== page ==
ANU experts: National Reconciliation Week 2017

Friday, May 26, 2017 — National Reconciliation Week runs from 27 May – 3 June. These dates mark two milestones in Australia’s reconciliation journey: The 1967 referendum and the historic Mabo decision, respectively.

The theme for 2017 is “Let’s Take the Next Steps”. This year will involve two significant anniversaries in Australia’s reconciliation journey – 50 years since the 1967 referendum, and 25 years since the historic Mabo decision.

ANU has experts that can speak about National Reconciliation Week who can be contacted directly or through the ANU media office on (02) 6125 7979.
________________________________________________________________

Dr Liz Allen
Centre for Aboriginal Economic Policy Research
T: (02) 6125 0672
M: 0401 358 091
E: liz.allen@anu.edu.au
@DrDemography
Expertise: Indigenous demography; especially families, health, mobility.

“Closing the gap in inequalities through investments in health, education and skills is core to reconciliation through the recognition and realised strength of Aboriginal and Torres Strait Islander peoples.

“The demographically young Indigenous Australian population presents many opportunities for communities and families. Removing the barriers to good health and education participation and training - which recognises and promotes culture - for Indigenous young people is essential to progressing national reconciliation.”


Associate Professor Boyd Hunter
Centre for Aboriginal Economic Policy Research,
College of Arts and Social Sciences
T: 02 6125 8207
E: boyd.hunter@anu.edu.au
Expertise: Social economics and Indigenous policy

“The antithesis of reconciliation is an act of discrimination, which is still all too common in Australia. While acts of discrimination against Indigenous people are all too common in the labour market there are relatively few instances where discrimination in employment is officially proven. One reason is that the people doing the discrimination know that it is socially unacceptable, and hence their attitudes and behaviour are kept hidden from public scrutiny.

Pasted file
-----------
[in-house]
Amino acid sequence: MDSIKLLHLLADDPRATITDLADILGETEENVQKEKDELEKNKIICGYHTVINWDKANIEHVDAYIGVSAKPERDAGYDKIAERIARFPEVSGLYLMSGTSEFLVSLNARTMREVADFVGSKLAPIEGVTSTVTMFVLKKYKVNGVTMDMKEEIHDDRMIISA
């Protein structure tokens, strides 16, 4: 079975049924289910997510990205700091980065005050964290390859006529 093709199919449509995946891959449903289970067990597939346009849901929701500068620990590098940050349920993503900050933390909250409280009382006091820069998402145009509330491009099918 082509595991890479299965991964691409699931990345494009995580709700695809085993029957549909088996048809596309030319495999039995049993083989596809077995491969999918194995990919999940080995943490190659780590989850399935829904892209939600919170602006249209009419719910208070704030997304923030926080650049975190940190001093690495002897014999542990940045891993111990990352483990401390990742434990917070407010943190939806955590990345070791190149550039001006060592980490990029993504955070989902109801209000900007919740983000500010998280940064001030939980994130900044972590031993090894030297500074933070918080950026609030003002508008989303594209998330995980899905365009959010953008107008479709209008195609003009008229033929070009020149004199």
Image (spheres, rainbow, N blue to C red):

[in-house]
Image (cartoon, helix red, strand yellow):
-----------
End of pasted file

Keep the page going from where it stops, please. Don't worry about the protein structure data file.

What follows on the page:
“Since it is hard to prove discrimination, it may be more constructive to focus on the effects of discrimination for the individuals involved. Providing counselling and tangible support to jobseekers affected by discrimination is a useful act of reconciliation.

“It is important not to ignore the existence of discrimination in Australian society. In addition to attempting to minimise the effects of discrimination on Indigenous people, policy could usefully focus on making Indigenous people independent of discriminating employers. The government support provided to Indigenous businesses and entrepreneurs is crucial to fostering economic independence, but also helps to provide many jobs to Indigenous workers.”


Dr Deirdre Howard-Wagner
Centre for Aboriginal Economic Policy Research
T: +61 2 6125 3748
E:deirdre.howard-wagner@anu.edu.au

“This year’s theme should be ‘Let’s take stock’, rather than ‘Let’s take the next step’.

“While this year marks some important milestones like the 1967 Referendum and Mabo, it also marks 10 years on from the Northern Territory Intervention, 30 years on from Bringing Them Home, and 40 years on from the establishment of the Royal Commission into Aboriginal Deaths in Custody.

“The rate of indigenous people being incarcerated is increasing as too is the rate of Indigenous children being moved into out-of-home care. And, many have argued that the Northern Territory Intervention and what has followed over the last 10 years has failed. The government of the day envisaged that the reconciliation process would ‘be a driving force for the nation to address Indigenous aspirations, human rights and social justice’.
 
“It is time to have a frank discussion as a nation about where we are at in terms of our reconciliation journey, especially whether or not the journey of reconciliation has been successful.”


Dr John Giacon
Linguist
College of Arts and Social Sciences:
E: john.giacon@anu.edu.au
M: 0421177932
Expertise: Gamilaraay Yuwaalaraay languages, language revival, Indigenous languages.

“Many Indigenous people felt the loss of their languages and are now working to revive and reuse them.

“There is increasing use of Australian Indigenous languages and the NSW Government is updating its approach with new legislation and structures. Language revival is at a stage where it could progress more rapidly with careful planning and development of new approaches.”


For media assistance, contact Aaron Walker on the ANU media hotline on 02 6125 7979 or 0418 307 213.

Published with Prezly